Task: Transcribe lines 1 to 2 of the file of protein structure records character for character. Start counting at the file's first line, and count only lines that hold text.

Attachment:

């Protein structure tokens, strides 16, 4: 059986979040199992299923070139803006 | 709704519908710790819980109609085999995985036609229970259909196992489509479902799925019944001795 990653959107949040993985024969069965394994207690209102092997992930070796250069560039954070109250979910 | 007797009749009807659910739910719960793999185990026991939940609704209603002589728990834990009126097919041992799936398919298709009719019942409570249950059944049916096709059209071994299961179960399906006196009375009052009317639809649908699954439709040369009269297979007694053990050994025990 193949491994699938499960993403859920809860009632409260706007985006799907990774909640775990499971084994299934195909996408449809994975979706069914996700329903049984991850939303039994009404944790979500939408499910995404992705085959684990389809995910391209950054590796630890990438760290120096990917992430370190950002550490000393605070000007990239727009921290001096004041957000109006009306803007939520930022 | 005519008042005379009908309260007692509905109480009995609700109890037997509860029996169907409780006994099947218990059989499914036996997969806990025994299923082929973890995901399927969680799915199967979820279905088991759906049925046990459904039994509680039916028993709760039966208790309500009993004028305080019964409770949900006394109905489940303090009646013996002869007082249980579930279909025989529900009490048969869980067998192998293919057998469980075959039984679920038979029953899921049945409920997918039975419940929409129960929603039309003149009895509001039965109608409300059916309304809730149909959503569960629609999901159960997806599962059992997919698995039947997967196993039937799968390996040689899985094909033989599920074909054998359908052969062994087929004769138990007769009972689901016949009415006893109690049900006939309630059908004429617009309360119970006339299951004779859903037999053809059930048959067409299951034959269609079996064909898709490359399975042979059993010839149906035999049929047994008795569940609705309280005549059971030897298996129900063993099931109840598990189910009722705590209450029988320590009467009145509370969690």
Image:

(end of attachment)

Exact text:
């Protein structure tokens, strides 16, 4: 059986979040199992299923070139803006 | 709704519908710790819980109609085999995985036609229970259909196992489509479902799925019944001795 990653959107949040993985024969069965394994207690209102092997992930070796250069560039954070109250979910 | 007797009749009807659910739910719960793999185990026991939940609704209603002589728990834990009126097919041992799936398919298709009719019942409570249950059944049916096709059209071994299961179960399906006196009375009052009317639809649908699954439709040369009269297979007694053990050994025990 193949491994699938499960993403859920809860009632409260706007985006799907990774909640775990499971084994299934195909996408449809994975979706069914996700329903049984991850939303039994009404944790979500939408499910995404992705085959684990389809995910391209950054590796630890990438760290120096990917992430370190950002550490000393605070000007990239727009921290001096004041957000109006009306803007939520930022 | 005519008042005379009908309260007692509905109480009995609700109890037997509860029996169907409780006994099947218990059989499914036996997969806990025994299923082929973890995901399927969680799915199967979820279905088991759906049925046990459904039994509680039916028993709760039966208790309500009993004028305080019964409770949900006394109905489940303090009646013996002869007082249980579930279909025989529900009490048969869980067998192998293919057998469980075959039984679920038979029953899921049945409920997918039975419940929409129960929603039309003149009895509001039965109608409300059916309304809730149909959503569960629609999901159960997806599962059992997919698995039947997967196993039937799968390996040689899985094909033989599920074909054998359908052969062994087929004769138990007769009972689901016949009415006893109690049900006939309630059908004429617009309360119970006339299951004779859903037999053809059930048959067409299951034959269609079996064909898709490359399975042979059993010839149906035999049929047994008795569940609705309280005549059971030897298996129900063993099931109840598990189910009722705590209450029988320590009467009145509370969690």
Image: